Keziah Shorten: Was Paolo Macchiarini Responsible for Her Death?

People place an immense amount of trust in medical practitioners, essentially entrusting them with their lives. When this trust is shattered or misused, individuals often find themselves with no recourse to address their grievances. The case of Paolo Macchiarini, now infamous for his actions, reveals a disturbing pattern of harming patients that spanned decades before the full extent of his crimes and culpability emerged.

The Peacock documentary, titled ‘Dr. Death: Cutthroat Conman,’ sheds light on the story of one of Macchiarini’s earliest victims, Keziah Shorten. Through her story, the audience is confronted with the egregious lengths the doctor went to, driven by his narcissistic indulgences and a blatant disregard for the well-being of those who sought his expertise.

Who Was Keziah Shorten?

In 2009, Keziah Shorten, an 18-year-old residing in Tonbridge, Kent, faced the symptoms of breathlessness. Seeking medical advice, she consulted her family doctor, only to receive a diagnosis of Adenoid Cystic Carcinoma, an uncommon and slow-growing form of cancer affecting her windpipe. Given the rarity and challenging nature of the condition, Keziah’s family was informed that treatment options were severely limited. Fortuitously, at this critical juncture, Keziah’s uncle, living in Italy and involved in translating medical papers, was acquainted with the innovative work of Paolo Macchiarini.

Image Credit: The Telegraph

Macchiarini’s approach involved introducing foreign tracheae and enveloping them in the host’s stem cells, a method aimed at rendering them functional within the host’s body. The University College London Hospital reached out to Paolo Macchiarini, and in May 2010, he met with Keziah Shorten’s family, offering them a promise of restored health. At the time, he held a visiting professorship at UCL, and he proposed to conduct the surgery at Careggi Hospital in Florence.

In July 2010, Keziah underwent her first operation, involving a transplant of a decellularized donor trachea that had been re-cellularized with her autologous stem cells. This innovative procedure essentially entailed taking a trachea from a human donor and adapting it for Keziah’s use. Notably, the surgery received funding from the National Health Service (NHS). Following the procedure, Keziah returned to University College London Hospital for her post-surgical care.

How Did Keziah Shorten Die?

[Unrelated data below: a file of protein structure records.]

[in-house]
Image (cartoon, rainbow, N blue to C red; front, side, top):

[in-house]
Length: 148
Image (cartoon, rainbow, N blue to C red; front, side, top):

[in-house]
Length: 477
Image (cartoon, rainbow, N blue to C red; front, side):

Shortly after returning from London, Keziah experienced the collapse of her trachea, accompanied by a severe infection. After enduring six months in the Intensive Care Unit (ICU) in London, her battle with cancer resurged. Almost 15 months after her initial transplant, a second operation was organized, this time utilizing a synthetic trachea. Despite a brief period of approximately three months spent at home, Keziah’s health deteriorated, and six months following the second operation, at the age of 20, she succumbed to Mediastinitis.

The hospital maintained that Keziah Shorten’s cause of death was unrelated to the transplant. In 2012, another young woman named Shauna Davison, aged 15, bravely participated in the same stem cell tracheal regeneration trial that Keziah Shorten had been a part of, but Shauna passed away merely 13 days after her surgery. When the full extent of Paolo Macchiarini’s wrongful medical practices and unfounded research came to light, the Middlesbrough native’s family expressed shock, asserting that they had never been informed about the death of Keziah, who was part of the same trial.

Alleging a potential “cover-up” involving the hospital, Davison’s family raised concerns about the lack of transparency regarding the outcomes of the trial and the potential risks involved. In response to the escalating allegations, University College London (UCL) initiated a panel to investigate the research fraud, including the involvement of one of their doctors, Martin Birchall. The panel discovered some evidence supporting the allegations, but they concluded that none of Prof Birchall’s actions were undertaken to deceive or cause harm.

Keziah Shorten’s mother, Tracy Hayter, expressed a more forgiving stance toward Macchiarini, noting that his involvement had given them a glimmer of hope during a time when conventional options were exhausted. Acknowledging the experimental nature of the procedures, Tracy emphasized that without these efforts, Keziah might have resigned herself to a bleak prognosis.

Read More: Where Is Ex-Surgeon Paolo Macchiarini Now?